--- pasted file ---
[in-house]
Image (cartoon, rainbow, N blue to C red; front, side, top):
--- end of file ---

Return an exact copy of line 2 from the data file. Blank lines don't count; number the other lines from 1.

Image (cartoon, rainbow, N blue to C red; front, side, top):